Ascites

Introduction

Ascites is the accumulation of excess fluid within the peritoneal cavity.

Causes of ascites

Ascites is caused by the following disease conditions:

  1. Portal hypertension secondary to liver cirrhosis
  2. Renal failure
  3. Nephrotic syndrome
  4. Cardiac failure
  5. Abdominal tuberculosis.
  6. Intra-abdominal or pelvic malignancies

Symptoms of ascites

The symptoms of ascites are:

  1. Abdominal enlargement
  2. Abdominal discomfort or pain
  3. Difficulty breathing

Signs of ascites

  1. Distended abdomen.
  2. Shifting dullness
  3. Fluid thrill
  4. Abdominal tenderness
  5. Signs relating to the underlying causes

Investigations

  • Full blood count
  • BUE & Creatinine
  • LFTS
  • INR
  • Urinalysis
  • Abdomino-pelvic ultrasound
  • Chest X-ray
  • Diagnostic paracentesis
    • Appearance and colour
    • Gram stain
    • Cell count and differential
    • Biochemistry e.g. Albumin
    • Microscopy, culture (with bedside inoculation of aerobic & an aerobic blood culture bottles)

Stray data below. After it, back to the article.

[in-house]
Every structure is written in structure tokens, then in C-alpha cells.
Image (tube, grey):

• Acid fast bacilli
    • Cytology

Treatment for ascites

Treatment objectives

  1. To relieve symptoms.
  2. To identify and manage underlying cause

Non-pharmacological treatment

  1. Bed rest
  2. Salt restriction <2 g/day
  3. Fluid restriction to ≤1.5 L/day
  4. Avoid NSAID-use
  5. Alcohol abstinence
  6. Therapeutic paracentesis (sterile abdominal tap) if ascites is tense and/or there is respiratory embarrassment

Note

Removal of up to 5 litres of ascitic fluid without concomitant colloid infusion is a safe short-term option and unlikely to have haemodynamic consequences.

Pharmacological treatment

A. Control of ascitic fluid accumulation

1st Line Treatment
Evidence Rating: [A]
Spironolactone, oral,
Adults

  • 50-200 mg daily

Children

  • 0.3-3 mg/kg daily

And

Furosemide, oral,
Adults

  • 20-80 mg daily

Children

  • 1-2 mg/kg daily

B. Massive ascites in liver cirrhosis with respiratory embarrassment requiring more than 5 litres of fluid drainage

1st Line Treatment
Evidence Rating: [A]
Salt-poor human albumin solution, IV, 6-8 g per litre of ascitic fluid drained

Referral Criteria

Patients with the following conditions must be referred to a specialist.
Poor response to diuretic therapy or diuretic-refractory ascites, complicated cirrhotic ascites with suspected spontaneous bacterial peritonitis, hepato-renal syndrome, and hepatic encephalopathy.
Also refer when an underlying cause cannot be identified.